“Artificial intelligence is kind of the second coming of software. It’s a form of software that makes decisions on its own, that’s able to act even in situations not foreseen by the programmers. Artificial intelligence has a wider latitude of decision-making ability as opposed to traditional software.”

Some of the different uses for AI include:

Big Data Research: Artificial intelligence can help us make sense of massive amounts of data, including unstructured data. AI has helped organizations find new insights that had been locked away in stored data. Hidden within the data lies the potential to develop amazing businesses and resolve some of the world’s largest challenges.

Customer Management Systems: Artificial intelligence is being used to alter customer relationship management systems. Some software systems, such as Zoho or Salesforce, require significant human maintenance to remain accurate. However, when an AI is applied to these platforms, they are transformed into auto-correcting, self-updating systems that efficiently store and manage data, without constant glitches.

In the Classroom: A promising innovation is the concept of a personalized AI tutor for each student. Because a single teacher cannot work simultaneously with every student, an AI tutor would help students to get extra help in areas where they need it.

Aviation: The AOD (Air Operations Division) uses AI for training purposes. Artificial intelligence is currently being used as mission management aids, combat and training simulators, and support for tactical decisions. Airplane simulators use artificial intelligence to process data taken from simulated training flights, as well as simulated aircraft warfare.

Self-driving Automobiles: AI driven cars and trucks are not yet an option. Nalin Gupta, the Director of Business Development at Ridecell, stated, “Safety is crucial when it comes to autonomous vehicles, and for the public to embrace AVs, they have to be safer compared to human-driven vehicles.” He was referring to the tragic accident in 2018, when an autonomous Uber killed a pedestrian, and the incident with Jeremy Banner, who died in 2019 while engaging the autopilot feature of his car.

Financial Trading: Several banks and proprietary trading firms currently have entire portfolios being managed by AI systems. Additionally, complex AI systems are used in “algorithmic trading.” They make trading decisions several times faster than humans are capable of, and can make millions of trades per day without human intervention. This is referred to as high-frequency trading, and represents a fast growing sector in financial trading. 

Sensors: AI has been combined with a variety of sensor technologies supporting both smart cities and several manufacturing industries. Sensors are included in the IoT (the Internet of Things) and are used to collect data that the AI processes and uses for decisions. Sensors can be used to monitor such things as traffic flows, when lighting is needed, problems with a conveyor belt, and even available parking.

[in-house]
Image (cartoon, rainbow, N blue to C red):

Hospitals and Medicine: Artificial intelligence now helps people with diabetes to regulate their blood sugar. AI automates prescription refills and connects call center customers with the person most qualified to answer their questions. As algorithmic advances, computing power, and data proliferation continue to evolve, the variety of opportunities continue to expand. They are predicted to include:

  • Design treatment plans
  • Big data research — mining medical records to provide more useful information
  • Companion robots to care for the elderly
  • Predicting the likelihood of death from surgical procedures
  • Heart sound analysis
  • Drug creation

Personal Finance: Products have been developed that use artificial intelligence to help people deal with their personal finances. Digit, for example, uses an app powered by an AI that automatically helps consumers optimize their spending habits based on personal goals and behaviors. The app analyzes  monthly income, spending habits, and current balance. It then makes its own decision, and may transfer money to the savings account.

Dr. Hossein Rahnama, the CEO and founder of artificial intelligence company Flybits, offered another example of AI versatility:

“Using this technology, if you have a mortgage with the bank and it’s up for renewal in 90 days or less … if you’re walking by a branch, you get a personalized message inviting you to go to the branch and renew purchase. If you’re looking at a property for sale and you spend more than 10 minutes there, it will send you a possible mortgage offer.”